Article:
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Ed Vulliamy's recovered memories

Mick Hume

Ed Vulliamy of the Guardian is the only one of the three British journalists present at Trnopolje on 5 August 1992 to have replied in person to the LM article 'The Picture That Fooled the World'. A central plank of his argument is that he knows the truth because he was there on that day and Thomas Deichmann was not.

For one who places such emphasis on the role of the eye-witness, however, Vulliamy seems to have a lot of trouble with his memory. His recall of what he actually witnessed at Trnopolje has changed more than once in the past four and a half years.

Take the contentious issue of the barbed wire fence at Trnopolje camp. Vulliamy's first eye-witness report on the camp was published in the Guardian on 7 August 1992, and was probably written before he had seen the ITN pictures from Trnopolje that were broadcast the night before. In this article, Vulliamy stated that 'Trnopolje cannot be called a "concentration camp"'. He did not say a word about any barbed wire fence.

A few months later, however, Vulliamy was recalling how he first saw the emaciated Fikret Alic 'behind the barbed wire of Trnopolje concentration camp' (Guardian Weekend, 10 April 1993).

The following year, 1994, Vulliamy published his book on Bosnia, Seasons in Hell. By now he appeared to have become even more certain about the importance of the barbed wire fence. He describes his first view of Trnopolje camp as 'another startling, calamitous sight: a teeming, multitudinous compound surrounded by barbed wire fencing' (p104, emphasis added).

By the start of this year, Ed Vulliamy's memory seems to have taken another turn. In January 1997, he told BBC World Service about his visit to Trnopolje, 'a place which has been made celebrated by ITN's footage'. Now Vulliamy recalled more than one barbed wire fence around the camp: 'We got out of the van to find all these men packed behind barbed wire fences, some of them skeletal in the most appalling condition' (Newsday programme, 26 January 1997).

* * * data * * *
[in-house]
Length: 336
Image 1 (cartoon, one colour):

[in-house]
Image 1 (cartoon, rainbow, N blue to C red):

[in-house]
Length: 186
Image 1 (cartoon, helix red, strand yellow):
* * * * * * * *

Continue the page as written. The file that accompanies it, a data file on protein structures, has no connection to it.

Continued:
That interview would have been conducted before Vulliamy had read Thomas Deichmann's investigative report on the ITN pictures of Bosnian Muslims supposedly caged behind barbed wire at Trnopolje. A week later, Vulliamy responded to the LM article in a vituperative Observer feature (2 February 1997).

He began by recalling the 'unforgettable sight' that first met him at Trnopolje: 'a group of men gathered behind a barbed wire fence, some of them skeletal, talking of mass murder in yet more camps'. The rest of the article, however, suggested that his memory of that 'unforgettable sight' had somehow altered slightly again during the previous week.

Stating that the men in the famous ITN pictures were being held in 'a small fenced-in area', Vulliamy now described how 'One of the four sides of this area was made of barbed wire. It was an existing fence on one side of a garage area which had been reinforced with new barbed wire and chicken wire'.

Ed Vulliamy remembers a barbed wire fence that has gone from being unworthy of mention to 'unforgettable'; a barbed wire fence that 'surrounded' the camp compound, then multiplied into more than one fence, but is now only one of four sides of a fence patched up with chicken wire.

He knows, because he was there.

This article first appeared in LM 98

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